Denton State Supported Living Center

A security guard checks in with a person at the front entrance of the Denton State Supported Living Center on Saturday. Employees are screened before they can enter.

Local officials are asking for more state help containing the COVID-19 virus at the Denton State Supported Living Center as Denton County public health officials confirmed two more cases there Tuesday.

The county’s total of confirmed cases jumped to 51 Tuesday, with 15 people hospitalized for care. The city of Denton’s case count climbed to 11, with six of those confirmed cases at the center. Ten individuals between the ages of 20-29 are among them; another 23 cases between ages 50-69.

The new cases at the Denton State Supported Living Center include one resident in their 40s and another in their 50s. Both are in isolation in a community hospital. Public health officials said they would not release any more information about the newest cases nor any other suspected cases, saying only that they were continuing to investigate additional cases and their contacts at the center.

During a news conference midday Tuesday, Denton Mayor Chris Watts said the city needs assistance to confront a possible overflow of cases from the center, which is home to 400 people with developmental disabilities. Another 1,000-plus people care for them, with hundreds of low-paid, direct-care employees among the dozens of doctors, nurses and therapists working there.

“We’re asking for help specifically to consider standing up an independent hospital on the site,” Watts said in a brief interview after the news conference.

The Denton center is the largest of the state’s 13 such living centers. Denton County Public Health officials publicly confirmed the first documented case there on Friday and are continuing to investigate possible cases there.

Texas Sen. Jane Nelson, R-Flower Mound, said she’s aware that local officials are asking for more help.

“I have been in nonstop contact with state leadership to make sure we are doing what is necessary to protect these vulnerable Texans,” Nelson wrote in an email. “I have spoken to the Governor, Health Commissioner and the head of the Division of Emergency Management and been assured that we will have the kits to test those at the State-Supported Living Center who need to be tested and that precautionary measures have been imposed to prevent further spread of the virus.”

“I offered to drive to Austin to bring back the necessary kits, but [Texas Department of Emergency Management] Chief [W. Nim] Kidd assured me they are on the way,” she added.

Watts said an independent hospital on the center’s 189-acre campus could better meet the needs of patients who have additional medical and behavioral needs.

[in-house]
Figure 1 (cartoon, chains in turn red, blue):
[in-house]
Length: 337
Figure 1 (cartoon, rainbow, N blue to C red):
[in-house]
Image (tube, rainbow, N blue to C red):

And “it will preserve needed beds at community hospitals,” Watts said.

Denton County has five traditional hospitals, two in Denton. Medical City Denton has 208 beds. Texas Health Presbyterian Hospital Denton has 255 beds.

Neither Christine Mann, spokeswoman for the center, nor Dana Long, spokeswoman for Medical City Denton, would say how many of the center’s residents were currently hospitalized with known or suspected COVID-19 infections, referring the question to county public health officials, who also did not answer the newspaper’s inquiry.

Late Tuesday afternoon, Gov. Greg Abbott ordered Texas hospitals to disclose their bed capacity to state health officials each day.

During Tuesday’s news conference, Matt Richardson, the county’s director of public health, said the department was not able to test as many patients as they would like, including residents at the state living center.

“There’s frustration at every level,” Richardson said in response to a reporter’s question. “We’re trying to expand every day.”

The public health department is still contacting individuals with a known direct exposure to the virus, with five such cases included in Denton County’s total count. Another 22 coronavirus infections have been attributed to travel and 21 to local transmission, which means the source is unknown. Three more cases are still pending investigation on transmission type.

Texas’ state supported living centers have effectively been closed since March 13, including visits by family members except in emergencies.

The Denton center also previously announced new prevention, monitoring and control measures, including screening residents and employees for symptoms and using more personal protective equipment.

Symptoms of a COVID-19 infection include fever, persistent cough and shortness of breath.

Public health officials urge individuals to call ahead before going to a hospital or doctor’s office with a suspected infection in order to prevent spreading the virus to others.

 

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